We are working on a project requiring a temperature-controlled oven for melting lead, tin and other low-temperature metals. The inner cylinder is aluminum. The heat comes from Kanthal wire, for which we needed an electrical insulator capable of withstanding the heat. The problem is, something must hold the fiberglass in place. We just tried to melt the stuff end-to-end (does not hold) and with an overlap (gets blackened, shrinks, but does hold a tiny bit). We have thought of a couple of alternative ideas:

  1. Add glass powder, sand, or broken glass to the area of the joint and have more glass available to melt
  2. Get some kind of glass fiber and "sew" the layers together somehow
  3. Some kind of chemical adhesive that can handle the same extremes of temperature

The plan is to wrap a thin layer of fiberglass around the inner aluminum, then wrap with Kanthal wire. Then wrap more fiberglass around that and cover with aluminum, and do enough layers that the outside is not hot to the touch. An Arduino will control the circuit, and slowly bring the inside up to exactly the temperature we want using a thermocouple.

How can we hold the fiberglass insulation in place without interfering with or shorting out the Kanthal wires that will go around the fiberglass?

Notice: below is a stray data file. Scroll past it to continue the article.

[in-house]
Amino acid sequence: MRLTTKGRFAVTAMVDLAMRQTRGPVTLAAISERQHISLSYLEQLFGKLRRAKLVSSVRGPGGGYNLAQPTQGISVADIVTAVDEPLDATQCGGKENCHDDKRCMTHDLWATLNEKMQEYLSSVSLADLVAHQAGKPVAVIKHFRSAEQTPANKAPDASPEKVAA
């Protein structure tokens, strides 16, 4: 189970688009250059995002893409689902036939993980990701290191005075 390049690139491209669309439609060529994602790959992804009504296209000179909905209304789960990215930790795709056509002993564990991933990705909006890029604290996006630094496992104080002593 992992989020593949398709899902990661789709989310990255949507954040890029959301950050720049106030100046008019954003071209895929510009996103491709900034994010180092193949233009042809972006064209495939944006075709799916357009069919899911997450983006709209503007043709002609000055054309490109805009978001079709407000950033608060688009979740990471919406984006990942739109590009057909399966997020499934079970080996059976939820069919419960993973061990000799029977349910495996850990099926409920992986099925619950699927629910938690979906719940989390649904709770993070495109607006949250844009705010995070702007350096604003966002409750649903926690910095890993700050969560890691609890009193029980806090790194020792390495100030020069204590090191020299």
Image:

• 2
    $\begingroup$ What temperatures will the holder material be required to withstand? $\endgroup$
    – hazzey
    Aug 24, 2015 at 11:18
  • $\begingroup$ The fiberglass and aluminum can handle 1000C so that's an upper limit. $\endgroup$
    – Dov
    Aug 25, 2015 at 0:14
  • $\begingroup$ What type of insulation are you using? What's the diameter of the tube? Could you just use some stainless steel straps to hold it on? $\endgroup$
    – GisMofx
    Aug 25, 2015 at 1:46
  • $\begingroup$ If we are wrapping the fiberglass with kanthal wire, using stainless steel straps is not appealing because it is conductive. On the other hand, if it only crosses one loop of wire, that's not a bad solution. I will think about that. $\endgroup$
    – Dov
    Aug 25, 2015 at 12:12
  • $\begingroup$ Aluminium alloy with a melting point above 1000C....really ? $\endgroup$ Mar 17, 2016 at 23:58

1 Answer 1


First I recommend you use mineral wool or ceramic wool instead of fiberglass as they are rated for higher temperatures.

Material Temperature
Glass wool 230 - 260 °C
Stone wool 700 - 850 °C
Ceramic fiber wool 1200 °C


Second, using insulation to separate the aluminum and resistance heating wire is not a reliable solution. You should use ceramic rods, ceramic insulator rigs or something similar to space the wire away from the aluminum. You may even consider not using aluminum and directly wrapping a ceramic container with the wire.

There are lots of options for securing the insulation around the outside. A thin sheet of aluminum or stainless would be a nice clean way to keep the insulation protected.

  • $\begingroup$ What kind of ceramic container can withstand being wrapped with kanthal wire and heated to 1400C, then air cooled? I obviously don't want it to shatter. $\endgroup$
    – Dov
    Mar 18, 2016 at 17:16

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